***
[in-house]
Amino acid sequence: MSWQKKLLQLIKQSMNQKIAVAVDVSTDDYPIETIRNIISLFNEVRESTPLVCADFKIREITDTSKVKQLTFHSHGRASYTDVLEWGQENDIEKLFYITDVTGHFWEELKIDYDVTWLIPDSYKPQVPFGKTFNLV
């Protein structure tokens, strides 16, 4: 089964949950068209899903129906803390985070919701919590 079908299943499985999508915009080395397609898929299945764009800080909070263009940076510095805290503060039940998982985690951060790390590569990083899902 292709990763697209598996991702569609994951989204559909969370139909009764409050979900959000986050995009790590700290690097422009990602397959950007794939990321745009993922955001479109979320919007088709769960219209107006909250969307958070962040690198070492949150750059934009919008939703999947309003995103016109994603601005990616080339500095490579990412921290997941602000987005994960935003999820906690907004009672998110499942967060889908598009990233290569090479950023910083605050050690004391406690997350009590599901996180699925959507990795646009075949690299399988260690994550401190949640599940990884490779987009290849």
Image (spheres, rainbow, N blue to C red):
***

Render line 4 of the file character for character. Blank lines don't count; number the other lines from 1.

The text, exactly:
Image (spheres, rainbow, N blue to C red):